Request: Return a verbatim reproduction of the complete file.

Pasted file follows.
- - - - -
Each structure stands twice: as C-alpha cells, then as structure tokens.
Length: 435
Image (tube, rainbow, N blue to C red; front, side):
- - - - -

Each structure stands twice: as C-alpha cells, then as structure tokens.
Length: 435
Image (tube, rainbow, N blue to C red; front, side):